The aim, says Simonson, is to raise the quality, variety and volume of Jewish conversation in the city. “If you take 52 weeks of the Jewish press and put the front pages together, 50 percent is about Israel, 40% anti-Semitism, and 10% is everything else to do with Jewish life,” he says. “What constitutes Jewish conversation is too narrowly defined. It’s not just Torah, Talmud, Marc Chagall, Golda Meir and all the usual subjects” – although, he might have added, these are all on the schedule as well.
He acknowledges that the center will not be breaking completely new ground. Particularly over the past 20 years, Anglo-Jewry has developed some outstanding programs such as Limmud – where Simonson used to be executive director – Jewish Book Week, now one of the largest literary festivals in Europe and the Jewish Film Festival.
These have made a significant impact: In London, jokes Simonson, “three-times-a-year Jews” has come to mean those who go to those annual events. But something more permanent is needed. “People want Limmud for life, not just for Christmas,” he says. “There’s nothing living, breathing 3-D technicolor all year round.”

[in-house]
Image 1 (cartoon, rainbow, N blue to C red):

JW3 is the brainchild of philanthropist Dame Vivien Duffield, who visited JCC Manhattan in 2002 and proposed a London equivalent the following year.
It was a hard sell: Simonson, who was then with Limmud, recalls sitting in on meetings in which other community professionals complained a JCC was unnecessary and resented the amount of money being spent on it. (Duffield provided £40 million out of the £50 million it has cost so far, but her commitment ends in two years’ time.)
“They didn’t want it – it was classic Anglo-Jewry,” he says. “Now they’re all asking why it isn’t in their neighborhood and all want to partner with us. Our phone is ringing off the hook.”
And indeed, JW3 intends to work with many of them, and is already hosting events for Jewish Book Week, the film festival, the London School of Jewish Studies and others. JW3’s distinctive culture emerged over time.
Its plot is in the tony neighborhood of West Hampstead, but as it is situated on the six-lane Finchley Road, it has an urban rather than a suburban feel.